How to Find Mental Health Care

  • The human brain is complex and filled with emotions and beliefs. Talking about what's going on up there can feel incredibly vulnerable -- because it is! It's also a great way to gain confidence, work through difficult situations, or address  stress, anxiety, or depression.

    Finding the best psychiatrist or therapist, a general term for all mental health providers, and treatment plan for your personal needs can be challenging. If you have a primary care provider, discussing your concerns with them can help guide you toward the right provider for you.

    Many of our customers find a therapist through a referral from a friend, teacher, doctor, or internet research. Some providers specialize in working with specific populations, such as elderly, adolescents, children, or married couples. It's not uncommon to meet with a couple of therapists to find a good fit for you. Feeling comfortable with your therapist is important for the success of the treatment.

    To check if your therapist is in your network, sign into your online account and use Find a Doctor to search by provider name. You can also search by specialty.

    There are several types of providers and licenses can vary by state. Here's a general idea of who does what.


    • Are medical doctors with specialized training in mental health or substance abuse conditions
    • Diagnose, treat, prescribe, and manage both the mental and physical aspects of behavioral health.
    • Treat some of the more severe and complex behavioral health conditions.

    Psychiatric ARNP

    • Are advanced registered nurse practitioners who specialize in psychiatric care; have advanced master's degrees.
    • Use talk therapy, medication, or a combination of both treatments.
    • Can diagnose, treat, and prescribe medication related to mental health conditions.


    • Have doctoral degrees (PhD) in an area of psychology, and focus on treating mental health or substance abuse conditions.
    • Take care of people with mood and anxiety disorders and talk through issues. 
    • Provide you with the tactics to manage issues, perform testing to diagnose illness; however they don't prescribe medications.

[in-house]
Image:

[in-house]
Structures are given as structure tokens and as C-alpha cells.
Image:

Licensed clinical mental health counselors (LMHC)

    • Have a master's or advanced degree and state license.
    • Provide individual and group counseling with difficult life events, such as relationship problems, death of loved ones, and illness.
    • Often use cognitive therapy, which is generally short-term and can help with anger management, panic, fears, depression, and anxiety.

    Licensed clinical social workers (LCSW)

    • Have master's degrees and are licensed to treat patients with either mental health or chemical dependency.
    • Can perform clinical evaluations, and provide therapy, and refer clients to resources. They do not prescribe medication.
    • Use therapy focused on changing behavior, understanding and dealing with emotions, or learning how to cope. This often includes identifying triggers and working on solutions.

    Licensed marriage and family therapists (MFT)

    • Marriage and family therapists are mental health professionals trained in psychotherapy and licensed to diagnose and treat mental and emotional disorders within the context of marriage, couples, and family systems.
    • Treat a wide range of clinical problems including depression, anxiety and issues within the context of the family.
    • Services are covered when the identified patient has a covered mental health diagnosis and marriage and family therapy is included in the patient's treatment plan.

    Some customers choose a therapist who isn't in network or doesn't take insurance. If your plan includes out-of-network provider coverage, you can submit a request for reimbursement of services. Check your benefit booklet to confirm your plan's coverage.

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